This fellowship’s emphasis on first principles of governing is designed to inform, challenge, inspire, and invigorate participants. The fellowship encourages participants to focus on ideas and policy rather than politics and partisanship so they can lead and contribute to efforts to solve concrete problems. In this way, the program aims to strengthen fellows’ understanding of conservatism as well as their commitment to careers in public service. 

This fellowship is built on the view that decentralized authority, ordered liberty, self-government, tradition, civil society, natural rights, pluralism, capitalism, practical wisdom, and virtue contribute mightily to America’s success. But the fellowship doesn’t demand that participants agree that American conservatism holds the only answers to our problems; in fact, the curriculum asks fellows to grapple with the tension between various conservative principles, understand how conservative principles have been used to defend unjust practices, and appreciate different visions of conservatism today. Our readings will prompt challenging conversations about today’s most difficult issues. So, while the program is unapologetically built on the view that American conservatism adds enormous value to governing, discussions begin with curiosity and a spirit of inquiry.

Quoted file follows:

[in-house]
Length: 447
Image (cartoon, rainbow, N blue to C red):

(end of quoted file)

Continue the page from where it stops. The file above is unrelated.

This fellowship fills an important gap. There are programs on conservatism for college students and recent graduates. There are programs led by academics and commentators. There are professional-development opportunities for people working in public service. There are gatherings for people generally interested in conservatism but not committed to careers in public service.